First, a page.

Nets say Knicks are better after battle of N.Y.


NEW YORK -- Less than a week ago, the New York Knicks were struggling to master the concepts that: one-on-one usually equals two for an opponent; nine losses in 11 games isn't a playoff pace; and the streaking New Jersey Nets, of all people, had passed them in the standings and were making noises about claiming the hearts and minds of area hoop junkies.

Of course, a lot can change in a week. And now seems like a good time to reconsider the local NBA state of affairs, after the Knicks' 125-104 sobering of the Nets Saturday night at Meadowlands Arena.

Practicing the "help thy neighbor" defense that new coach John MacLeod has been preaching, the Knicks pieced together a 21-0 blitzkrieg to win for the third time in a row and doom the Nets to their third loss in four games. With a run that lasted longer than one of Madonna's relationships, the Knicks made a realist out of Sam Bowie, an apologist out of Bill Fitch and a theorist out of Reggie Theus.

"New York is a better team than New Jersey right now," said Bowie, the foul-plagued center who did not make a single shot from the field en route to being outscored, 31-5, by Patrick Ewing. "You know that teams are going to make runs in this league. ... But talk about walls collapsing."

"It was an embarrassment," Fitch said. "I can't explain to you why the ball doesn't go in, why you can't get a call and why a whole game can turn around. But no matter what we did or who we put out there, it didn't matter."

"They have been there before," said Theus, who had 25 first-half points and finished tying his season high of 36 points. "When the time came to elevate their game to another level, they did it for seven minutes."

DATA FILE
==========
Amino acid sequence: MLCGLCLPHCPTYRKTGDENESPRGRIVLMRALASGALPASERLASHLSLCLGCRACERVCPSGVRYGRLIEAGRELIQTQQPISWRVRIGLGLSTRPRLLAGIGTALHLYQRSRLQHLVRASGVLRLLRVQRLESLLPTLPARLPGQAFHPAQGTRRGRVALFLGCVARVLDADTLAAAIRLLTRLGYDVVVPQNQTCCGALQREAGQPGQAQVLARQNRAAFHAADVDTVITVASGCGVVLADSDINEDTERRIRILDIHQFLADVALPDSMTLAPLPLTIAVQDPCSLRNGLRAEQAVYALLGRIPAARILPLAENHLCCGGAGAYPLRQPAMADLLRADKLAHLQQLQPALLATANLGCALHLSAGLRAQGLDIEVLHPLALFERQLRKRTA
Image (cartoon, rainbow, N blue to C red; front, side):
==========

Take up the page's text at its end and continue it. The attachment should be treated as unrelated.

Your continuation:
The Knicks, now 10-11 and two games up on the Nets, held New Jersey without a field goal from 7:04 left in the third period until 8:15 to play in the game. They outscored the Nets, 35-7, during the binge.

"If we follow our new defensive rules, we can be an outstanding defensive team," said Gerald Wilkins, who added 24 points for the Knicks. "When the ball moves, you move. When your man moves, you move. If you always see the ball and the man, you're always in position to help out. Then, you can shut down the driving lanes and the passing lanes."

If MacLeod's teachings sound simple, that's because they are. But, easy to express doesn't necessarily equal easy to execute with the Lakers and Magic coming to town tomorrow night.

"We're looking forward to playing them, but you can't afford to get too jacked up for any one game in this league," said MacLeod. "We know they are a tremendous team and we hope we'll be up to the challenge."

Meanwhile, the Nets, fading at 8-13 going into tonight's home game against the Mailman-led, sizzling Utah Jazz, are looking for consolation. But even the limited return of a subpar Derrick Coleman (five points and six turnovers in 15 minutes) from the sprained ankle that had sidelined him for three games couldn't make the Nets' fourth straight weak defensive effort palatable. They have allowed just a shade over 119 points per game since getting derailed from a five-wins-in-six-games roll.

"I think our lack of maturity showed," Theus said of a blown 17-point, first-half lead Saturday night. "You have to stay with the things that get you where we were. We got away from them in the second half and we stopped pushing the ball up."

"We played a strong first half. We played New Jersey Nets basketball and played like a team," Jack Haley said. "But in the second half, we fragmented. It was disheartening and frustrating to be dominated like that. They took complete control."

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